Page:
Of course, just as President Clinton declared that “it depends on what the meaning of the word ‘is’ is,” it now depends on what the meaning of the word ‘it’ is.
Complete, verifiable, and irreversible denuclearization (CVID), as Washington defines its objective, remains unlikely. It just is not in the interest of North Korea's present leadership. However, the administration should attempt to convince the Kim regime otherwise. Although doing so requires making concessions and following through on commitments. In any case, even the fruitless pursuit of CVID could lead to other benefits—limits on the DPRK threat as well as improvements in the security environment that make the use of force by any party far less likely.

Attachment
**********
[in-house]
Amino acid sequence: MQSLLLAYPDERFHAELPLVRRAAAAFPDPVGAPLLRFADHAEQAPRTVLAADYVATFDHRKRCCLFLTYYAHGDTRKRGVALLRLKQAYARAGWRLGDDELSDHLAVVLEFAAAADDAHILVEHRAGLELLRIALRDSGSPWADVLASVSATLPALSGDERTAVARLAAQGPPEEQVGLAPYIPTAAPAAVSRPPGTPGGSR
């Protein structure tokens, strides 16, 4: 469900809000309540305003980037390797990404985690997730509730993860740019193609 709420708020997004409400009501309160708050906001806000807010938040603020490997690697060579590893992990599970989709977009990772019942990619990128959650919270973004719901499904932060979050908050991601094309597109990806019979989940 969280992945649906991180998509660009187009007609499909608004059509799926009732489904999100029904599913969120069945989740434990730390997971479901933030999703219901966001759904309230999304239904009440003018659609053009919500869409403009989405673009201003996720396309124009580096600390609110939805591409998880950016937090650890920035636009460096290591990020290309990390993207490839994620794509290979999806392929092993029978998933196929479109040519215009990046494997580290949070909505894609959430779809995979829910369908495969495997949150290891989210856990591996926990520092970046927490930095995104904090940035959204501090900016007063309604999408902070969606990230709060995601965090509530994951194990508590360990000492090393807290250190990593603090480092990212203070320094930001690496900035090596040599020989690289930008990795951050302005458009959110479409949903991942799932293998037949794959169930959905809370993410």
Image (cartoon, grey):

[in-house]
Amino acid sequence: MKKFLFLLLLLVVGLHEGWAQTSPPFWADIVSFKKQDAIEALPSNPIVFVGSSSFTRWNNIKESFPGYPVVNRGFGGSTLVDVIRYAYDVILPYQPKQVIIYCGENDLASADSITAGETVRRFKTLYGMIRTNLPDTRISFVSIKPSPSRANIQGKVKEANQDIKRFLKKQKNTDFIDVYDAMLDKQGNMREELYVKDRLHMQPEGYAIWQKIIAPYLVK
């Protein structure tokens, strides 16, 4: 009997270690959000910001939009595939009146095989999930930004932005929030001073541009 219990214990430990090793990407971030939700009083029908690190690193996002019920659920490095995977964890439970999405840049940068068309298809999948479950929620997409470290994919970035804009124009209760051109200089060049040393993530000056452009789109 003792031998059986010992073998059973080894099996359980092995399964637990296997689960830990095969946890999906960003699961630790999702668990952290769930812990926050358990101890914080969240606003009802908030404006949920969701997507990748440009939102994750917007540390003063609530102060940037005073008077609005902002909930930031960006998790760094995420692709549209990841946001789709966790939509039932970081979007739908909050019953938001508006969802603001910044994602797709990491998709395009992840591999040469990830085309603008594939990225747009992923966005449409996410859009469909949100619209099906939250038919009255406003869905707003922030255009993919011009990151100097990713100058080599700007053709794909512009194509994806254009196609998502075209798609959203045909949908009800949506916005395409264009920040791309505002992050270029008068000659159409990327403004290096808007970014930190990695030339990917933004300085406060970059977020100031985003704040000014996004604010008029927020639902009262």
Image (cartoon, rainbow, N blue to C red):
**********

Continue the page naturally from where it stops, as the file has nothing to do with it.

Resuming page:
North Korea remains one of the globe’s toughest foreign policy challenges. The United States should not allow the perfect to become the enemy of the good. Against the advice of uber-hawks, including his administration’s own John Bolton, who has firmly advocated war against North Korea, President Trump has reduced the likelihood of conflict on the peninsula. He should continue down this peaceful path.
Doug Bandow is a Senior Fellow at the Cato Institute. A former Special Assistant to President Ronald Reagan, he is author of Foreign Follies: America’s New Global Empire.